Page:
Rethinking global analyses and algorithms for comparative genomics in a functional MapReduce style

Natalia Golenetskaya 1, 2 David James Sherman 1, 2
2 MAGNOME - Models and Algorithms for the Genome
Inria Bordeaux - Sud-Ouest, UB - Université de Bordeaux, CNRS - Centre National de la Recherche Scientifique : UMR5800
Abstract : The formalisms for describing algorithms have traditionally followed technologies. The classic separation between online and offline algorithms was inspired by the hardware of the time, taped drives and small-capacity CPUs; the RAM model was inspired by machines with relatively large random-access memories; message-passing styles (MPI) were inspired by high connected networks of parallel processors. Today we have hierarchies of storage and computation that are just as severe, going from GPU coprocessors to heterogeneous computing grids. Of the algorithms in bioinformatics, those that are used in comparative genomics are the most stressed by the increase in volume of sequence data, since they involve all- against-all global comparisons that scale geometrically with the size of the problem instance. Consequently these analyses are the most in need for new technologies for large scale deployment on fault-tolerant computing infrastructures, and it is important to choose appropriate formalisms that best match these infrastructures. The emerging paradigms of MapReduce and NoSQL provide a good starting point for reasoning about algorithms for comparative genomics. MapReduce decomposes an algorithm into two phases, a map phase, where the same function is applied in parallel to every element of the input data set, and a reduce phase, where another function is applied in parallel to sets of results from the map phase. If an algorithm can be expressed using this decomposition, then it can be executed on large (1000-node) clusters with guarantees of robustness and fault tolerance. However, not all algorithms used in bioinformatics can be usefully decomposed in this way. NoSQL systems such as Apache Cassandra distribute data across a redundant ring of computers that automatically rebalance their storage as individual machines fail or are added to the ring. Cassandra uses a balanced, distributed hash table (Merkle tree) to implement nested, key-value data schemas that are designed around a predefined set of query patterns. NoSQL storage and MapReduce algorithms can usefully cooperate for distributed, global analysis of very large datasets. We undertook a redefinition of some of our existing comparative genomics algorithms, using a tightly-coupled MapReduce and NoSQL framework. We will report on new data schemas for NoSQL storage of genomics data, and MapReduce definitions of two algorithms, one for consensus clustering of high dimension data sets, and other for inference of gene fusion and fission events across large phylogenetic groups. These definitions make it possible to perform comparative analyses on large sets of related genomes, such as those obtained using increasingly common paraphyletic sequencing strategies.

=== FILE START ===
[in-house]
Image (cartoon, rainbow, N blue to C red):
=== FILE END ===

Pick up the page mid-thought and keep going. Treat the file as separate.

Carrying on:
Type de document :
Communication dans un congrès
SeqBio 2011, Dec 2011, Lille, France. 2011
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https://hal.inria.fr/hal-00654797
Contributeur : David James Sherman <>
Soumis le : jeudi 22 décembre 2011 - 23:56:22
Dernière modification le : jeudi 11 janvier 2018 - 06:22:12

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  • HAL Id : hal-00654797, version 1

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Natalia Golenetskaya, David James Sherman. Rethinking global analyses and algorithms for comparative genomics in a functional MapReduce style. SeqBio 2011, Dec 2011, Lille, France. 2011. 〈hal-00654797〉

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